During Operation Market Garden (September 1944) Best
was under siege and some of the most brutal battles fought by the 502nd PIR
of the 101st Airborne Division took place in that area. (Also read the article: Florist
Fighting for Best on this website).
After the liberation of the region the pub, 'Café Blauw Boerke' (Café Blue Farmer), situated in Best, was visited frequently by American and British Soldiers. In my mind I can see paratroopers brawling with other troops just to blow of some steam...
The sign displayed in this article was mounted outside above the door of this pub. It hung there for years after the liberation. A little while ago the sign reappeared, and led Bertus Hagelaar to do some research.
The text on the sign is: BRITISCH WAR RELIEF SOCIETY U.S.A TO GREAT BRITAIN
In the USA there where several, not military, charity
organizations that tried to support the soldiers in Europe with welfare gestures.
The B.W.R.S. U.S.A. to Great Britain was one.
These organizations raised funds for this purpose by selling souvenirs like mugs, glasses, cigarette-boxes, tie-pins, letter-openers, matchboxes etc. These products were made in the USA since 1939, and sold in Europe. 40% of the benefits went to the BRITISCH WAR RELIEF SOCIETY U.S.A TO GREAT BRITAIN, money that was spend on the welfare of the soldier as mentioned above.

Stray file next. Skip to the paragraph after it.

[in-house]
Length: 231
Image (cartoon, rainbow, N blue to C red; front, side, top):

The pictured sign was most likely send with the packages to the foreign dealers in these articles, thus recognizable as selling points for the Relief Society.
Some conclusions can be made: the sign could have
been above the pub's door for years during WW2, since the Society started
trading way back in 1939. Then again, would the Germans allow such a sign
to be diplayed during the occupation of The Netherlands? One was not even
allowed to display anything related to the Dutch Queen… Maybe the sign was
taken of the wall (no need to stress the German occupier), and remounted
later. Or maybe it was only after Best was liberated that this sign was put
above the door, making the pub an obvious location for GI's and British soldiers
to spend some newly issued Guilders. Or... could it be it was there all the
time since the start of the German occupation?
Any information would be of much assistance.
There were also other Relief Society's;
Was there a Dutch War Relief Society also? It makes one wonder. Any information on such a Dutch War Relief Society would be of much assistance too.
There is still a pub called Cafe Blauwe Boerke, in the Hoofdstraat in Best. I wonder if a paratrooper like Bob Carleton ever tried some Dutch beer there, in 1944...
Research & Picture: Bertus Hagelaar
Article: D.C. van den Bogert